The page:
Life’s brutal and beautiful are woven together so tightly that they can’t be separated. Reject the brutal, reject the beauty. Glennon Doyle
I never fully grieved the loss of my second child, the girl who died in utero on New Year’s Eve 1996. Eleven and a half weeks. Old enough to have taste buds. Big enough for my body to know she was there, but too small to feel her fluttering inside me. Her dying a quiet blindside I hadn’t even considered.
My baby’s death introduced me to the sweet grace that’s possible when other grieving souls share their hearts. The comforting reassurance of knowing I wasn’t the only one, the warm embrace of feeling less alone.
I no longer remember how the word got out, but when I took Jimmy back to preschool after the holidays, mom after mom pulled me aside to share miscarriage experiences. Their shock and horror when it happened. The shame and guilt they felt. The way they resented their bodies for betraying them. How terrified they were to get pregnant again.
After class ended, I went outside to convince my little superhero it was time to leave his wooden fort in the backyard of the preschool. While I was waiting for “just five more minutes, Mom” to pass, Julia’s mom walked up to me. Although warm and kind, she was quiet and reserved, often keeping to herself when she picked up her daughter, and we had never had a personal conversation before. She told me how sorry she was, that she understood how devastating such a loss is, how daunting it feels to think about trying to have another baby. That she had had seven miscarriages in between her two children. The anguish she felt deciding that her eighth try would be her last because she couldn’t bear the heartbreak of another miscarriage. The elation of that final pregnancy that produced Julia, a gentle. willowy, dark-haired girl in Jimmy’s class. The baby that made the never-to-be-forgotten losses worth carrying.
Three months later, I got pregnant with Molly. Distracted by all that I now knew could go wrong and thrilled to be carrying the baby girl I feared I wouldn’t be lucky enough to keep, I stopped mourning. And once Molly arrived, healthy, strong and full of personality, I couldn’t imagine a world without her. My first experience with a both/and life. The way the universe can rip away with one hand and offer you joy with the other.
When Jimmy spoke at LIVESTRONG Foundation events about his experience with cancer – the fear, the pain, the misery, he would always end by talking about how grateful he was. For the people he would otherwise never have met, the wrought iron friendships he’d made, the life lessons he’d learned, the kinder person he’d become. A wisdom and grace I sat in awe of whenever he shared it. A cruel, unfair tradeoff that I raged against after he died.
And yet, to ignore the gifts of the eight years he lived with brain cancer is to diminish Jimmy’s life. The way his illness cemented us together as a family. The adventures, laughter and time we never would have had. How deeply I got to know my son. The way being his mother changed my life. The realization that even if I had known in advance I could only have Jimmy for 21 short years, I would take that deal, every .. damn .. time.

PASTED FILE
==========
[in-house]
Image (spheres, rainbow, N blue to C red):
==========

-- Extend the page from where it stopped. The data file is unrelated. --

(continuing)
Jimmy lived in the foggy gray ambiguity of life. The spot where he could see the pain in the bully’s eyes and stand up for himself anyway. The place where he willingly gave his whole heart to his five-year-old friend Gage and let it shatter when Gage died of cancer four years later. The site where he could acknowledge everything cancer had stolen and still find a way to be grateful for what remained. A place where distractions were everywhere and he still found a way to focus on who mattered most to him. A place where his hopes got dashed over and over again, and he continued to believe there was something better waiting down the road.
Even six years on, there are still days when I want to climb into the tar pit of grief and set up camp. To proclaim to anyone who will listen that I have suffered the greatest loss. To wear my gold medal for winning the grief Olympics. To insist that this pain will never cease and my life will never be the same. To wallow, not just in my own tragic loss but those of so many other mothers whose children will never live to a ripe old age. But as soon as I begin thinking of those brave mommas, my grief sisters, the women who’ve walked this path with me from the beginning, joined me along the way or held my hand while they led me back to the light, I remember the beauty that accompanies the brutal, and I start to scrabble my way back out of the hole.
Jimmy’s death unlocked my sadness about his unborn sister. The unfairness of being robbed twice. The wondering about who she might have grown up to be, about what her life would have been like. The autopsy showed she had Turner’s Syndrome which gave her only a 1% chance of survival. Her spark snuffed out by my own body because of a random genetic act resulting in a missing X chromosome. A chance occurrence that would have shortened her life expectancy had she survived and burdened her with a litany of health issues. A death that gave birth to the possibility of my fiery, tough, loving youngest daughter. A reminder of what could have been and everything that would have been lost if it had. A tiny glimpse of the holy that lies at the ragged edges of pain where one life ends and another one begins.
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